Haven’t showered for 3 days, starting to be less worried about picking the miniscule flying bugs off of me, and the howling coyotes or wolves didn’t even keep me up last night.  I didn’t know what day it was until I checked with my computers internal clock, and we’ve been waking up by the lit sky.  Our biggest worry of late was getting to one of the numerous overlooks before the sun set.  Sun, don’t drop so fast!  The rock formations here at Badlands National Park are breathtaking.  The color variation in the striations got more beautiful with the setting sun and the changing light reflection.  We’ve been here for two days now; it’s amazing how fast a place can feel like home when you’re on the road.  Yesterday we arrived in the afternoon, we set up camp and headed to the nearest information/nature center to get some maps.  The rangers that work at nature centers are so generous with their enthusiasm for their work and their park, it’s always inspiring and worthwhile to have a chat and get some advice on trails and park activities.  We did a few shorter hikes and saw a few overlooks, just whetting the appetite for the next days adventuring.  When I was much younger, my family went camping quite often in our huge army green house tent, and my parents always made sure that we took in whatever ranger led program was available.  Last night we walked a short jaunt over to the amphitheater where Ranger Larry and his cohorts did a presentation on the current night sky at Badlands.  It was an all around presentation that included much preventative info about the very common ground friend that happens to have fangs and be venomous.  Superstitious I am, and I’ve decided not to talk about this friend because my fears always get the best of me, and until now I’ve been lucky and not yet seen one underfoot...   We did see a plethora of amazing, beautiful, and resilient animals including big horn sheep, prong horned antelope, some sort of desert deer, falcon, villages of prairie dogs, special blue and yellow birds, and free, roaming, hulking, wise buffalo.  We saw them in their natural habitat, not 20 feet from the road, alone and in herds, these animals have ancient souls that are visible from a distance.  There is something so wise and old about the buffalo and they are such lumbering and heavy creatures, I can’t help but love them.  I may feel differently when one tries to charge me at the buffalo roundup on Monday, but today, I love them.   
Truly the rock formations here are something to behold, if it weren’t for other people, we would have thought we’d woken up on the moon.  There is something so stark and lovely, so quiet and clear about being out on a trail, hearing birds and wind in the prairie grass, looking at ancient sea beds eroding so that the vista is different all the time.  Purposeful pinnacles rising ethereally out of the ground, so little and so much biodiversity at the same time, you have to be still to hear and see it.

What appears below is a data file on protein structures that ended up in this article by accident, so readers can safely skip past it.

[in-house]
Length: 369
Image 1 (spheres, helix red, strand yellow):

The wildlife here only lets you in if you listen.  The world comes to life in the quiet.

Friday, September 24, 2010

All the way to Platte, SD.

Oh I had so much to say and it eludes me!  Maybe it’s my numb fingers.  In the past two days, we’ve traversed the seasons.  We went from 91 degree Cincinnati, delicious sunburn weather to winter in South Dakota, hats and scarves, fingers like molasses when rolling up the tent.  I was kind of expecting the weather, but no one warned me about the wind.  Wind that pulls stakes out of the ground, and requires fly re-staking in the middle of the night so that the noise of the flap slapping the tent doesn’t keep me awake.  The whole tent moves.
The landscape here is so vast.  And it goes forever.  There is some rolling, but you can see for miles.  What I love though is the color of the soybean fields as the flowers dry.  It’s an alive mustard yellow, less burnt looking, but with such richness.  The fields are beautiful.  Nick has been educating me on crop variety of South Dakota.  Which is to say that there is not much variety, but it is different from the corn dominated fields of Iowa and Illinois.  In Minnesota we saw fields of wheat, which I can’t say I’ve seen in this part of the season, when it’s drying before harvest.  It also has a distinct color; you can almost see the health in it, it looks like food.  And here in South Dakota, there is still a lot of corn, there are complete seas of soybeans, and lots of cows in pastures.  Trees are islands that are mostly situated around towns or houses. We haven’t seen any high density feed lots, which is a relief.  I thought for sure we’d be seeing tons of sad cows and pigs in corrals.  Now I’m wondering if some of the fields we’ve been seeing are flax, since according to the little grocery store we stopped at in Canisota, SD, is a major local crop.   There is also so much flooding.  The cattails are the only way to tell if a pond is supposed to be in the middle of a field, or if it is an unintentional temporary flood pond. Yesterday on our drive here, we passed through some major weather, making us really wonder about how well we’d do at camping.  Much to our pleasure, our plastic ground cover sheet was a really great purchase, and kept the tent completely dry.  It did take a while to warm up, but once our sleeping bags had acclimated to our bodies, they were toasty.  Nick even started sweating.